Welcome to the Eagle County Local History blog: You Can’t Use it if You Don’t Preserve It! I will be sharing interesting bits of Eagle County history for your edification and enjoyment. Sign up, stay tuned!
“Even Castles made of sand, fall into the sea, eventually.” — Jimi Hendrix
This eventuality was evident when part of Lionhead Rock fell in Minturn last year. Those landmarks that we use to place ourselves in our environment can also change.
The end of any year gives us pause to think back over recent events. Even Facebook encourages us to reminisce. Thinking back 100 years, we find that the January 1 issue of the Eagle Valley Enterprise gives us an interesting picture of life in Eagle County in 1915.
Although it would be two years before the United States entered World War I, the war news found a place on the front page: “A German aeroplane was sighted Friday in London. It was flying very high from east to west over Sheerness. British air craft went up in pursuit and engaged the enemy, who, after being hit three or four times, was driven off seaward.”
Later in May 1915, the war became “total war” with the German Zeppelin air raids on England.
On February 4, 2011, I posted a blog about “the Red Book,” a history of Eagle County written by school children in the 1940s.
Here we are, finishing up 2014, and I am working with a poor copy of MacDonald Knight’s thesis for Western State College of Colorado, Gunnison, Early Days on the Eagle, 1953. Knight’s thesis eventually ended up as a monograph, Early Days on the Eagle, published in 1965, by Knight and Leonard A. Hammock. It continues to be the most comprehensive, well-documented account of the settling of the Eagle River drainage.
Mary McCarthy, of Colorado Historic Newspapers Collection fame, brought to my attention the 70th Anniversary of the official graduation of the 10th Mountain Division on November 15, 1944. Mary sends these men “a happy graduation anniversary from their fans at CHNC!” I will add my congratulations, as well.
In June of 1944, the 10th Light Division (Alpine)was sent from Camp Hale to Camp Swift, near Austin, Texas, for flat land training. Moving from the Rockies to Texas heat was disturbing from a morale standpoint, as heatstroke cases multiplied and the men weren’t any closer to seeing action. The men had trained three years for winter combat and were watching as the Apennine campaign in the summer and fall of 1944 cost thousands of casualties.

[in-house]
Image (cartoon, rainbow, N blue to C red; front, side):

General Mark Clark finally incorporated the mountain troops into the U.S. Fifth Army. On November 6, 1944, the 10th Light Division was redesignated the 10th Mountain Division, entering combat on January 28, 1945 in the North Apennine Mountains of Italy. [information from the Fort Drum website]
Thanks to Mary for reminding us of this anniversary and to all those who served in the 10th Mountain Division.
I get so much information from readers of this blog. The last post on Tom Mix caught the attention of John Flynn, who provided additional information about the train crew working with Mix in filming The Great K & A Train Robbery. Thank you for sharing, John!
James Joseph Flynn, born Oct. 7, 1903, was the youngest child of William R. and Catherine Flynn. William, a D&RG railroad employee, died in 1905, leaving Catherine with seven children. The family moved to Denver for a while but Catherine petitioned the railroad to move back to Kent. She supported them by cooking for the railroad employees housed at Kent and most of her children were employed by the railroad at one time or another.
James Flynn eventually became an engineer for D&RG’s California Zephyr. In 1926, however, he was the fireman on the train in the Tom Mix movie, The Great K & A Train Robbery. James must have had a picture of Tom Mix and the train crew as sometime in his retirement, he submitted the picture to the Green Light, a magazine for Denver and Rio Grande Western Railroad employees. The magazine no longer exists.
The picture below is a copy of the clipping from the Green Light magazine that was among James Flynn’s things that were given to John Flynn by Blanche Tracy Kyes. Blanche Tracy Kyes was James Flynn’s wife, Frances Tracy Flynn’s sister. James J. Flynn died on August 27, 1977.
Colorado scenery is pretty spectacular. It’s not surprising that many films have been made with Colorado as the backdrop. The Colorado Office of Film, Television & Media is more than happy to assist filmmakers with locale. While Cougar Hunting may be Kathy Heicher’s favorite Colorado-made film (Kathy is president of the Eagle County Historical Society), I am enamored of The Great K&A Train Robbery, starring Tom Mix and filmed in our neck of the woods.